I used to think the human body when undressed was lewd, obscene, and shameful. Nakedness was linked to sexuality in my mind.
I used to think Scripture condemned nudity after the fall.
I used to think that nudity is only OK in the context of marriage and it’s for your spouse’s eyes only.
I used to make exceptions in this black and white thinking when it comes to doctors and other professions that are used to non-sexual nudity.
I used to become aroused when I would see nudity in movies or entertainment, or worse when I would seek it out online. I was not “exposed” to non-sexual nudity.
Nudity used to be a perpetual stumbling block to me. Every woman was a temptation.
I used to believe that lust was every man’s battle. It seemed impossible to “cure.”
I used to be ashamed of my habits and compulsiveness. This secret sin was a millstone around my neck. I confessed to a few people, but nothing the best-selling Christian books recommended would help.
I used to think nudism was a form of pornography.
I used to think Christian naturists must be perverts trying to justify all sorts of evil intentions.
I, like so many other Christians, was ignorant of any sort of Theology of the Body.
I used to believe that God made clothes and mandated them for moral reasons.
I used to ignore the many instances of co-ed public nudity that took place in Bible times.
I never wondered how people knew who was circumcised in Bible times. How did this “private” state cause people to judge each other?
I used to see the world through shallow eyes. While at times I resisted these trends, in essence I still agreed with the overly sexualized culture as to what beauty standards should be.
I used to long for the freedom and oneness with God and his creation that Christian naturists professed, but could not fathom that being Christian and a naturist could be reconciled with my faith.
I used to know people need the hope and love of Jesus, and that I could be an example of a sinner saved by grace, but I lived in a bubble and was hardly ever around unchurched people. I knew the need to “be a witness,” but lacked the opportunity to do so.
I used to believe “purity culture’s” definition of “modesty” should be taught and embraced. I placed blame for temptation on others instead of taking responsibility for myself.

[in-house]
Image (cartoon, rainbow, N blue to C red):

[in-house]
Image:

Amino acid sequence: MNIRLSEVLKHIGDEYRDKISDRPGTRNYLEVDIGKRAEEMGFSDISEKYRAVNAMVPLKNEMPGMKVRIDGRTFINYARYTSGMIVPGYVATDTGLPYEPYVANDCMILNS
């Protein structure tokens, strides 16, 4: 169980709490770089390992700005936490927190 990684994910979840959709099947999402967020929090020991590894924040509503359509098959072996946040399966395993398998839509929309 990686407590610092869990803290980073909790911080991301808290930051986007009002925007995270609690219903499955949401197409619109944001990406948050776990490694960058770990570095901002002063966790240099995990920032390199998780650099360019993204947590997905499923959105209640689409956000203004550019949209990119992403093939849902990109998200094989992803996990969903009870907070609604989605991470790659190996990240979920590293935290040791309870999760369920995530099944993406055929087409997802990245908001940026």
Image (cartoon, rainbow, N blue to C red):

I now see the human body as the pinnacle of God’s creation, made very good from the start, and worthy of honor and respect.
I now have studied this topic and cannot find any prohibition in Scripture.
I now see nudity as one of the purest forms of the invisible image of God made visible.
I now see those exempt are actually on to something, and instead the rules I used to abide by are not ideal. Nakedness need not be purely sexual.
I now am only ever aroused by my wife. I absolutely love this change, and obviously, so does my wife! I now hate seeing anything that is suggestive or objectifying.
Nudity is no longer a stumbling block and there is no longer any temptation. Praise God!!!
I now know that’s a lie, and Jesus is powerful enough to redeem and heal this and any impurity.
I am now proud to say that by God’s grace I am healthy and whole and completely free from the problems that plagued me. It saddens me greatly to see so many men without hope of true victory.
I now know nudism is the antitheses of porn.
I now know Christian naturists are the complete opposite of those wrong assumptions.
I now see Theology of the Body as extremely valuable for any believer and sorely lacking in Christendom.
I now know that Adam and Eve invented clothes and were influenced by the serpent to do so.
I now see these instances everywhere (prophets, even Jesus) and baptisms through the 4th century.
I have now researched Greco-Roman co-ed bathhouses and gymnasiums (the word gymno meaning bare or naked).
I now see all human beings as beautifully and wonderfully created in the image of God. I am repelled by judgmental attitudes and take a stand against body shame of any form.